“It never even crossed my mind to be a pastor,” she said.
That’s when a committee from the 60-year-old Fair-Park Baptist Church approached her. After years of decline, the congregation had voted to explore a complete restart. The committee wanted to know, was she interested in establishing a new vision for the church?
“To their credit, it was a real faith thing,” Smith said. “I created this crazy vision, and they said yes, and then we had to figure out how to make that happen.”
The first item on Smith’s list was partnering with local artists to provide affordable space for everything from photo exhibits and theater productions to dance recitals and all-ages do-it-yourself punk shows. While a church service might attract 20 to 30 people, roughly 200 visit Convergence each week to take a class, view an exhibit, enjoy a play or hear a live band.
Under the church’s new “Hope Through Beauty” project, launched earlier this year, Convergence plans to link local nonprofits with artists willing to volunteer their services. For instance, several Convergence members lead children in art projects at a monthly food distribution organized by an Alexandria shelter and child development center.
When it began, Convergence was given five years to become self-sustaining, and in 2011, trustees for the former Fair-Park Baptist made good on their promise, deeding the building and property to the new congregation. About half of the church’s revenue comes from member support; the rest is generated by renting space to artists and an Anglican congregation that meets in the sanctuary on Sunday mornings.
Demand for space in the building is high, and sometimes the church books itself out of its own home. On a recent Sunday, a citywide high school art exhibit filled the gallery while theater productions were underway in the sanctuary and another large space. As a result, the congregation held its monthly potluck celebration in the nearby home of Smith and her husband, Jay, a musician and composer. The couple married in 2012 and have a 2-year-old daughter.
A member of the Convergence staff since 2009, Jay Smith serves as Convergence’s “cultural architect,” helping ensure that the church’s many initiatives fit within its mission, integrating faith, life and work for members and unleashing imagination and creativity.
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Church, he said, has a vital role to play in creating culture and must be involved in that process “at its inspiration, at its creation, not catching up at the end.”
“We need to support these kids, these bands playing in their basements,” he said. “We need to start loving them, nurturing them, understanding them and helping them understand themselves, so when they get into Rolling Stone or MOMA, even if they’re not Christians, they’re not saying, ‘Church was destructive to me’ but rather, ‘It loved me.’”
Dan Abh came to Convergence in 2009, seeking a venue for a punk music and arts festival he was organizing. “Atheist and anti-institutional” at the time, Abh had spent years helping local DIY musicians find places to rehearse and perform. He said he felt immediately at ease with Jay Smith, who asked him something no one else had: “Why do you care?”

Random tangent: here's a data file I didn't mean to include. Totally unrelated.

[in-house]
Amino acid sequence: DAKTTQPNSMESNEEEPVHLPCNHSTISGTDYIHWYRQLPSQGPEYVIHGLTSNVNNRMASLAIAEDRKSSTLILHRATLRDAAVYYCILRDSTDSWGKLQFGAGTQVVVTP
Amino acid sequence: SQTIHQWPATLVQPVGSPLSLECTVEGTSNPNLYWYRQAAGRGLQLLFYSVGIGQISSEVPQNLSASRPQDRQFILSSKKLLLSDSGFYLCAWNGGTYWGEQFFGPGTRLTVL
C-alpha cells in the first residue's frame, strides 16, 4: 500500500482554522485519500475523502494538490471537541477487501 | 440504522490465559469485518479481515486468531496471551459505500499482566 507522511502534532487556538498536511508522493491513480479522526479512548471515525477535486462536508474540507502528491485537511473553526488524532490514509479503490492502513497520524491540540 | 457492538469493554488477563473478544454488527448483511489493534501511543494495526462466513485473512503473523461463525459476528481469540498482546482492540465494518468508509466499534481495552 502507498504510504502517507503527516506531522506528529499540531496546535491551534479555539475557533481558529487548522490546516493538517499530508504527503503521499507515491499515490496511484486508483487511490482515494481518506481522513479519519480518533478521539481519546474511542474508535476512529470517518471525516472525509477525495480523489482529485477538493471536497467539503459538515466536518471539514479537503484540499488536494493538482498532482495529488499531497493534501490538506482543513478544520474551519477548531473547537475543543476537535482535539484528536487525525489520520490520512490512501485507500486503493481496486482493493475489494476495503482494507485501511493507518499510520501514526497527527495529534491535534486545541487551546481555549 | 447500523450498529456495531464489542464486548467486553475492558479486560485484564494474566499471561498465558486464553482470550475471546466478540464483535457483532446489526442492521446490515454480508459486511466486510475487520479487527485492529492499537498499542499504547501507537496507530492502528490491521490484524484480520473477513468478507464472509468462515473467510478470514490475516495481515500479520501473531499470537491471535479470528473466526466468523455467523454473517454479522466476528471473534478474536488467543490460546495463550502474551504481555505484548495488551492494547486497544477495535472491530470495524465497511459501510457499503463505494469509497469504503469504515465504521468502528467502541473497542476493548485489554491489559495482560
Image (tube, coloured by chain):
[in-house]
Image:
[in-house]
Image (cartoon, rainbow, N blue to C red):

“I told him when I was growing up, I never had anything like that, and I got into some trouble,” Abh said. “I firmly, firmly believe young people need a creative outlet, and Jay was wanting the same thing.”
For three years, Abh ran Convergence’s program for young artists as a volunteer, hosting shows, open-mic nights and festivals featuring emerging bands, but he never set foot inside the church’s sanctuary. After losing his two closest friends and his grandfather in a six-month period, a distraught Abh decided to attend a small discipleship group meeting, just to check it out. Worried what his friends in the DIY community would think, he didn’t tell them -- or even his then-girlfriend.
But the congregation was supportive, and Abh said he increasingly felt called to be there. In 2012, he traded his longtime job as a store training manager at Trans World Entertainment for a part-time gig as the janitor at Convergence, and in 2015, he became its community coordinator.
“We’re a moving church. We’re not sterile,” said Abh, who was baptized last Easter. “Most of the things I’ve learned about spirituality are not from reading anything but from those interactive Bible studies. Those have the most impact on me. I take huge, monumental steps in the space of 45 minutes, and you can feel it. You can really, really feel it.”
Convergence has a focus on healing, development and action, Jay Smith said. The arts provide a means for moving people “past brokenness,” encouraging them to develop spiritually and challenging them to share their gifts with the world. After a decade, that culture has taken hold at Convergence, and is manifested in the way the congregation engages authentically with each other and the surrounding community, he said.
Prudden, the art therapist, said much the same.
“At Convergence, there’s a lot of room for being different,” she said. “Here’s a place where you can be your funky artist self and it’s OK. We’re unabashedly Christian. We just go about it in another way.”